In a Super Bowl-day interview with CBS News, President Donald Trump said that he was frustrated with the Democrats and their continued obstruction when it comes to properly funding our security needs at the southern U.S. border.
Trump indicated that he was not optimistic about Congress coming to him with a deal on the wall, which could lead him to declare a national emergency to get what the nation needs.
“You know, there have been plenty national emergencies called,” Trump told anchor Margaret Brennan. “And this really is an invasion of our country by human traffickers.”
About Pelosi, Trump said: “I think that she was very rigid — which I would expect — but I think she is very bad for our country. She knows that you need a barrier. She knows that we need border security. She wanted to win a political point. I happen to think it’s very bad politics because basically she wants open borders. She doesn’t mind human trafficking or she wouldn’t do this.
“She can keep playing her games, but we will win,” the president continued. “Because we have a much better issue. On a political basis, what she’s doing is — I actually think it’s bad politics, but much more importantly it’s very bad for our country.”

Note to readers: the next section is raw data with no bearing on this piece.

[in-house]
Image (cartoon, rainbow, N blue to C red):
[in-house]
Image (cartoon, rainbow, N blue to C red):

In an interview with Fox News on Sunday, Rep. Henry Cuellar (D-TX) said that it really wasn’t up to Washington to dictate what sort of barrier would be needed at the border.
“First of all, we are not going to have a wall,” Cuellar told host Chris Wallace. “Now, we can look at some sort of enhanced, uh, barrier — that’s certainly something we can look at. But I have to say living on the border, you have to let the local Border Patrol chief have the say-so, and let the local communities be involved so they can come up with, uh, maybe some sort of enhanced barrier — but again, Washington cannot dictate what sort of barrier and where to put it at.”
Of all the things that Washington shouldn’t be dictating, this idiot thinks border security solutions are among them? We’re not denying, certainly, that the local Border Patrol officials should have a voice in the process, but Cuellar’s logic here is lacking. What if those officials say they want a wall? A big, fat, concrete monstrosity! Will Cuellar suddenly decide that Washington should, after all, have the final say?
Which of course they should. The federal government has no business in many of the aspects of American life that it is currently well-entrenched in, but national security? That’s exactly what Washington needs to be focused on. And building the wall would be one of the greatest boons for national security in a generation.
But hey, we’ll let you morons call it an “enhanced barrier” if it makes you feel better.